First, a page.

Thursday, January 8, 2015
The Microbiome in Asthma
Newly developed culture-independent methods for microbial detection are deepening the understanding of their role in lung disease. A persuasive body of evidence suggests that the microbiome of the lower airways differs distinctly in the obstructive lung disease, including asthma. Huang and Boushey provide their perspective on the findings of studies of differences in the airway microbiome in patients with asthma vs. healthy subjects, and of studies of relationships between environmental microbiota, gut microbiota, immune function, and the development of asthma (J Allergy Clin Immunol 2015; 135: 25-30). Additionally, they provide a rationale for approaches involving directed manipulation of the gut and airway microbiome for treatment and prevention of allergic asthma.
Alterations in respiratory tract immune function are at least theoretically linked to the immunomodulatory activity of gut microbiota through the concept of a “common mucosal response”. This proposes that antigen presentation at one mucosal site stimulates migration of lymphoid cells to other mucosal sites, shaping immune responsiveness at those sites as well. Studies in mice provide strong support for the concept that bacterial community composition of the gut can shape developing immune function to foster or protect against allergic sensitization. Similarly, studies focused exclusively on lung microbiota suggest that establishment of a lung microbiome occurs and is a dynamic process after birth. The authors discuss relationships of gut microbiota in response to viral respiratory infection, and provide findings that bacteria regulate immune defense against viral infections in mouse models. For example, interaction between exposure to allergens and microbial exposure has been seen in inner city children. Surprisingly, children with the highest rates of atopic sensitization and recurrent, presumably virus induced wheeze were found in children exposed to the lowest levels of cockroach, mouse and cat allergen and the lowest levels of bacterial diversity in their first year of life. On the contrary, the lowest rates of atopy and wheezing were found in those who had been exposed to the highest levels of these allergens and bacterial diversity. These results suggest that the bacteria served as a tolerance-inducing adjuvant for allergens.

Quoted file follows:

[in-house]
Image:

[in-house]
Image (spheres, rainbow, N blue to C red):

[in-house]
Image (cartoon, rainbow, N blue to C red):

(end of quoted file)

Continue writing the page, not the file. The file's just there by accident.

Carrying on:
The authors emphasize that dissecting the role of the microbiome in asthma is challenged by the heterogeneity of the disease at multiple levels. These levels include asthma’s clinical and inflammatory heterogeneity, genetic factors that contribute to asthma risk, and the multiplicity of immune pathways involved in asthma. To progress to clinical studies of oral or aerosol administration of microbiota for treatment and especially for prevention of asthma which will necessarily involve enrollment of pregnant women or of newborn infants will likely require overcoming ethical, legal, and cultural hurdles as high as the scientific ones we currently face.
Question for the authors:
The studies described in your review focus on the early development of the mucosal microbiota. Is there evidence that manipulating the microbiota in adults with allergic asthma may be a potential therapeutic?
We are a long way from human studies of the effects on allergic or asthmatic symptoms of manipulating the microbiota in adults with the condition. So the evidence available is largely from studies of mice, like Karimi et al’s study showing that dietary supplementation with L. reuteri increased Treg cell number and activity and reduced the allergic inflammation induced by allergen challenge in previously sensitized and challenged BALB/c mice (Am J Respir Crit Care Med Vol 179. pp 186–193, 2009). Nothing comparable has been done in humans with established allergic asthma.